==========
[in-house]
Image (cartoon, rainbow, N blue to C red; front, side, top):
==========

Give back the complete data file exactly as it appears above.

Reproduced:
[in-house]
Image (cartoon, rainbow, N blue to C red; front, side, top):